Thursday, 9 December 2010

Hillary Clinton courageously defends WikiLeaks

Via The Guardian; full original here:

On their own, new technologies do not take sides in the struggle for freedom and progress. But the United States does. We stand for a single internet where all of humanity has equal access to knowledge and ideas. And we recognize that the world's information infrastructure will become what we and others make of it.

This challenge may be new, but our responsibility to help ensure the free exchange of ideas goes back to the birth of our republic. The words of the First Amendment to the Constitution are carved in 50 tons of Tennessee marble on the front of this building. And every generation of Americans has worked to protect the values etched in that stone.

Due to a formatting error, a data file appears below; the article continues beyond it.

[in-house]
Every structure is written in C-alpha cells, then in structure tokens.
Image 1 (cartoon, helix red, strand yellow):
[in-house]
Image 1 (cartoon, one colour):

Saturday, 4 December 2010

Uh oh.

An uncomfortable suspicion is beginning to form in my mind. Angela Merkel, it is said, is crucial to the survival of the euro, because Germany must be central to any plan to save it. So Germany's leader must take a leading role in the rescue process.

Trouble is, she doesn't seem to be very good at it.

Merkel once seemed so competent, capable of dealing wisely and well with nearly any issue that crosses her path. But she's so far made two massive blunders in dealing with the euro crisis, which have made things vastly worse, not better. First, she refused for eight months or more to help Greece, until Greece was pushed to the wall and confidence in the euro was shattered. Then in October, her extremely ill-timed declaration that bond-holders should have to cop some of the damage from the bailout (and not just taxpayers) seems to have helped to topple the next domino as well, Ireland.

Hence the uncomfortable conclusion: the person who is most important in the struggle to save the euro is sorely ill-equipped for the role. Merkel seems to have an uncharacteristic blind spot when it comes to this issue.

And that means the euro is in a great deal of trouble indeed.